The Christmas tree lighting in Rockefeller Center is this Wednesday so we found these five quirky facts about the most famous Christmas tree in the world.
After the holidays, the Christmas tree lives on. For example, in 1971 they used the 30 bags of mulch on nature trails across the city. In 2005, Habitat for Humanity used the heartwood to make doorframes for houses for the needy; and last year, about 15 percent of the tree went into making paper for a book called The Carpenter’s Gift. In 2007, the tree was used to build houses in New Orleans for those affected by Hurricane Katrina.
Greenest tree around. Since 2007, the tree has been lit completely by solar-powered LED lights–over 30,000 of them! (more…)
On December 2nd 1657, The Nieuw Amsterdam City Council ruled that Tavernkeepers could not sell liquor in exchange for household goods. Believe it or not, the Dutch wives of the era (back in the day of gender norms, eh?) were coming to their local politicians complaining that their possessions were dwindling with the presence of an alcoholic family member.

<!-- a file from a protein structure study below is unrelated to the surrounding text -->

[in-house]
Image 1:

If you haven’t seen the interactive spectacle Fuerza Bruta in action yet, it can be hard to describe. It’s sort of like dreaming while you’re awake. The show is closing permanently on January 5th, so we took our awesome photographer Ben Helmer in tow so we could attempt to capture the show’s penchant for water dancing, trapeze art and frequent use of confetti. Fuerza Bruta has been playing in the Daryl Roth Theater since 2007, an noble piece of architecture that served as the Union Square Savings Bank until 1996.
The National Trust for Historic Preservation has been cataloging some of the oldest graffiti in American history. Sometimes eerie, these scrawlings and carvings in old buildings are the predecessors of today’s graffiti artists. Instead of tagging with aerosol cans, they used anything they could find–even their own blood–to spread their message.